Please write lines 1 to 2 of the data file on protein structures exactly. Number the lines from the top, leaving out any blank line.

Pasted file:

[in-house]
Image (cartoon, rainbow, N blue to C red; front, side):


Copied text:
[in-house]
Image (cartoon, rainbow, N blue to C red; front, side):